Decades of Suspicions: Did German Companies Aid Syrian Chemical Weapons Program?
By Gunther Latsch, Fidelius Schmid and Klaus Wiegrefe
January 23, 2015
Chemical weapons were used in the Syrian civil war in 2013. German companies may have helped build up the country’s production facilities. Zoom
AFP/HO/SHAAM News Network
Chemical weapons were used in the Syrian civil war in 2013. German companies may have helped build up the country’s production facilities.
Government documents and information from the Assad regime indicate that German companies may have helped Syria produce chemical weapons over the course of decades. So far, the Merkel administration has shown no willingness to investigate.
When it comes to war crimes and crimes against humanity, the German government is unyielding — particularly when it comes to finding excuses for why it should do nothing when it comes to potential German perpetrators.
For more than 16 months, Chancellor Angela Merkel’s government has been in possession of a list containing the names of German companies thought to have helped Syrian dictator Bashar Assad and his father Hafis build up Syria’s chemical weapons arsenal over the course of several decades. Ultimately, it became one of the largest such arsenals in the world.
The German government, a coalition between Merkel’s conservatives and Vice Chancellor Sigmar Gabriel’s center-left Social Democrats (SPD), received the list from the Organization for the Prohibition of Chemical Weapons (OPCW). The OPCW was awarded the Nobel Peace Prize in 2013 for its “extensive efforts to eliminate chemical weapons.” Together with experts from the United Nations, the OPCW organized and carried out the destruction of Syrian chemical weapons last year.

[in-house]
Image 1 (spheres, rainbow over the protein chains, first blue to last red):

Berlin immediately classified the list and has since kept it under lock and key. The government says that releasing the names would “significantly impair foreign policy interests and thus the welfare of the Federal Republic of Germany.” It also argues that doing so would be akin to releasing “trade secrets” and as such would violate the German constitution.
It is an astonishing justification when one considers what Assad’s German suppliers enabled the dictator to do. Over the years, the Syrians produced and stored poison gas weapons with an explosive power of more than 1,500 megatons. Among the weapons was the nerve gas sarin, which disrupts neurotransmitters leading to tortuous cramping and suffocation. More than 1,400 people have been killed by poisonous gas during the ongoing civil war in Syria, though it has not been conclusively proven whether the chemical weapons were deployed by the Syrian army or by opposition militias.
Foreign Ministry files make it clear that Berlin had indications that German companies may have been involved in chemical weapons production long before the OPCW delivered its list. The Institut für Zeitgeschichte (Institute for Contemporary History), which is funded by the government, regularly publishes important documents after the standard 30-year embargo has expired. The most recently published inventory, stemming from 1984, included a document that the government may have accidentally released. It includes the names of companies suspected of supplying the Syrian chemical weapons program, including the glass producer Schott, laboratory equipment producer Kolb, technology company Heraeus, the former Hoechst subsidiary Riedel-de Haën, pharmaceutical company Merck and the company Gerrit van Delden.
The paper is a memo relating to the Dec. 6, 1984 visit of the then-Israeli Ambassador to Germany Yitzhak Ben-Ari to a deputy section head in the German Foreign Ministry. Ben-Ari presented the Germans with “intelligence service findings” indicating that since the mid-1970s, scientists had been seeking to produce chemical weapons for Syria “disguised as agricultural and medical research.” The ambassador said that the chemistry department of the Centre d’Etudes et des Recherches Scientifiques in Damascus, a research center that received funding from UNESCO, led the top secret program.